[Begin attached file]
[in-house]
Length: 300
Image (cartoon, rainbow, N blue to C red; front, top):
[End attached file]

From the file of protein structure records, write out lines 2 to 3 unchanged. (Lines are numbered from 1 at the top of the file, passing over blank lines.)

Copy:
Length: 300
Image (cartoon, rainbow, N blue to C red; front, top):